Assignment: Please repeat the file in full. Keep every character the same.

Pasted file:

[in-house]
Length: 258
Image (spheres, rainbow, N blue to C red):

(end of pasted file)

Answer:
[in-house]
Length: 258
Image (spheres, rainbow, N blue to C red):